Growing pains

30 Oct 13
There are signs of recovery all around, from GDP growth figures to rising house prices. So has the chancellor, as he claims, won the austerity debate, or is short-termism and poor policy-making threatening to undermine growth? Discuss

By Jonathan Portes | 30 October 2013

There are signs of recovery all around, from GDP growth figures to rising house prices. So has the chancellor, as he claims, won the austerity debate, or is short-termism and poor policy-making threatening to undermine growth? Discuss

George Osborne © Paul Toeman via Flickr

As the chancellor prepares to deliver his Autumn Statement on December 4, there is no doubt that the UK’s short-term economic prospects are considerably brighter than they appeared only a few months ago. The same commentators who at that time were speculating that we were doomed to perpetual economic stagnation and never-ending austerity are now hailing the feel-good factor of yet another UK housing boom.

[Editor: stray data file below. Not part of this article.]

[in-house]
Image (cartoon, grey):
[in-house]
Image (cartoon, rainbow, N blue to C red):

Meanwhile, now that it has finally materialised, even economists (including those here at the National Institute of Economic and Social Research) who have been saying for many years that an upturn is about six months away have been surprised by its apparent strength. But, in assessing where we are now, it’s important to remember the scale of the past few years’ underperformance. Despite recent growth, this remains the weakest 

recovery in recorded UK economic history.

In June 2010, just after the incoming government’s ‘emergency Budget’, the Office for Budget Responsibility predicted that by now, the economy would be about 7% larger. This growth would be driven by a sharp rise in business investment and exports, while the deficit would have fallen by two-thirds. In fact, GDP has grown at less than a third of that rate, business investment has fallen and the path of deficit reduction bears no resemblance at all to the original projections (which is, as I’ll elaborate below, a good thing).